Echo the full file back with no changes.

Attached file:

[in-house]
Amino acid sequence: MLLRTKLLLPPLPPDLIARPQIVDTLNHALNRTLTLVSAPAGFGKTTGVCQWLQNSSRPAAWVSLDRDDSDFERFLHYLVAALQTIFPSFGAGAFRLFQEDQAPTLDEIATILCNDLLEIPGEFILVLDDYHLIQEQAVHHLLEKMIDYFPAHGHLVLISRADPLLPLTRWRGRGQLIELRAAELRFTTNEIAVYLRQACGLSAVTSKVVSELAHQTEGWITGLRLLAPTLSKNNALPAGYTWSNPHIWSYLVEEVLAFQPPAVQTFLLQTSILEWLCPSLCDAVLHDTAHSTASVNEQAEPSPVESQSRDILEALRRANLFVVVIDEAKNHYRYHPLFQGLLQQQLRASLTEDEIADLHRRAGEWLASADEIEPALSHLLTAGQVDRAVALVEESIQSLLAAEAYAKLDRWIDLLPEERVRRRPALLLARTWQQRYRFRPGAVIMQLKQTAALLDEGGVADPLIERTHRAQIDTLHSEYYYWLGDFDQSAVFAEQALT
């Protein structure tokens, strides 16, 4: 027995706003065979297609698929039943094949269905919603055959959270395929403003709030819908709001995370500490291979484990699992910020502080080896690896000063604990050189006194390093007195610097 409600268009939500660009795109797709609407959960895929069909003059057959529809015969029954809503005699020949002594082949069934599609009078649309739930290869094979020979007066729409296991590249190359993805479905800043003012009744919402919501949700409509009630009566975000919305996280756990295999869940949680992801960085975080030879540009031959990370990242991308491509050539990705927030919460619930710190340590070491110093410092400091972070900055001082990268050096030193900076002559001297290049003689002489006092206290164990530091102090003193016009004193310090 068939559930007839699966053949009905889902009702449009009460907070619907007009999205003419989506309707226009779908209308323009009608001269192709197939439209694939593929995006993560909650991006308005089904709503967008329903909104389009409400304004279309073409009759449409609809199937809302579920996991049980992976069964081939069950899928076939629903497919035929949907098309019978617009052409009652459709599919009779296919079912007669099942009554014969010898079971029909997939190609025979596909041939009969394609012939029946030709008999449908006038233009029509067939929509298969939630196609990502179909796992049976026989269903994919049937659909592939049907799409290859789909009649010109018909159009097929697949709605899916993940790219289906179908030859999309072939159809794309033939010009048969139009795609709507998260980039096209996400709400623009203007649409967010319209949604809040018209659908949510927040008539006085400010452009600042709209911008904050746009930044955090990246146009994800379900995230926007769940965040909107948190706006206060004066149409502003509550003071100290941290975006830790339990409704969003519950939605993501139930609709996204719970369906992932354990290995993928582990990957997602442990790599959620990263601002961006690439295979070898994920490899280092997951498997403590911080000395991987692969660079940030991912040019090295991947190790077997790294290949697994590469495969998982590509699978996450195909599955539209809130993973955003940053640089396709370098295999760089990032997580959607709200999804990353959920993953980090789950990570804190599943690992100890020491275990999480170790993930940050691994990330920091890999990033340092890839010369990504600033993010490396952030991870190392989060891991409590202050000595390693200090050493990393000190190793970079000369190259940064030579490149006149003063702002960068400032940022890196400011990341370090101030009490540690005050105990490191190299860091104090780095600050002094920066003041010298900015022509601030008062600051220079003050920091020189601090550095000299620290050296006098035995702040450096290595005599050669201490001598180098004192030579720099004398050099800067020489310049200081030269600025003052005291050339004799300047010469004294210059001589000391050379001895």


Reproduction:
[in-house]
Amino acid sequence: MLLRTKLLLPPLPPDLIARPQIVDTLNHALNRTLTLVSAPAGFGKTTGVCQWLQNSSRPAAWVSLDRDDSDFERFLHYLVAALQTIFPSFGAGAFRLFQEDQAPTLDEIATILCNDLLEIPGEFILVLDDYHLIQEQAVHHLLEKMIDYFPAHGHLVLISRADPLLPLTRWRGRGQLIELRAAELRFTTNEIAVYLRQACGLSAVTSKVVSELAHQTEGWITGLRLLAPTLSKNNALPAGYTWSNPHIWSYLVEEVLAFQPPAVQTFLLQTSILEWLCPSLCDAVLHDTAHSTASVNEQAEPSPVESQSRDILEALRRANLFVVVIDEAKNHYRYHPLFQGLLQQQLRASLTEDEIADLHRRAGEWLASADEIEPALSHLLTAGQVDRAVALVEESIQSLLAAEAYAKLDRWIDLLPEERVRRRPALLLARTWQQRYRFRPGAVIMQLKQTAALLDEGGVADPLIERTHRAQIDTLHSEYYYWLGDFDQSAVFAEQALT
């Protein structure tokens, strides 16, 4: 027995706003065979297609698929039943094949269905919603055959959270395929403003709030819908709001995370500490291979484990699992910020502080080896690896000063604990050189006194390093007195610097 409600268009939500660009795109797709609407959960895929069909003059057959529809015969029954809503005699020949002594082949069934599609009078649309739930290869094979020979007066729409296991590249190359993805479905800043003012009744919402919501949700409509009630009566975000919305996280756990295999869940949680992801960085975080030879540009031959990370990242991308491509050539990705927030919460619930710190340590070491110093410092400091972070900055001082990268050096030193900076002559001297290049003689002489006092206290164990530091102090003193016009004193310090 068939559930007839699966053949009905889902009702449009009460907070619907007009999205003419989506309707226009779908209308323009009608001269192709197939439209694939593929995006993560909650991006308005089904709503967008329903909104389009409400304004279309073409009759449409609809199937809302579920996991049980992976069964081939069950899928076939629903497919035929949907098309019978617009052409009652459709599919009779296919079912007669099942009554014969010898079971029909997939190609025979596909041939009969394609012939029946030709008999449908006038233009029509067939929509298969939630196609990502179909796992049976026989269903994919049937659909592939049907799409290859789909009649010109018909159009097929697949709605899916993940790219289906179908030859999309072939159809794309033939010009048969139009795609709507998260980039096209996400709400623009203007649409967010319209949604809040018209659908949510927040008539006085400010452009600042709209911008904050746009930044955090990246146009994800379900995230926007769940965040909107948190706006206060004066149409502003509550003071100290941290975006830790339990409704969003519950939605993501139930609709996204719970369906992932354990290995993928582990990957997602442990790599959620990263601002961006690439295979070898994920490899280092997951498997403590911080000395991987692969660079940030991912040019090295991947190790077997790294290949697994590469495969998982590509699978996450195909599955539209809130993973955003940053640089396709370098295999760089990032997580959607709200999804990353959920993953980090789950990570804190599943690992100890020491275990999480170790993930940050691994990330920091890999990033340092890839010369990504600033993010490396952030991870190392989060891991409590202050000595390693200090050493990393000190190793970079000369190259940064030579490149006149003063702002960068400032940022890196400011990341370090101030009490540690005050105990490191190299860091104090780095600050002094920066003041010298900015022509601030008062600051220079003050920091020189601090550095000299620290050296006098035995702040450096290595005599050669201490001598180098004192030579720099004398050099800067020489310049200081030269600025003052005291050339004799300047010469004294210059001589000391050379001895």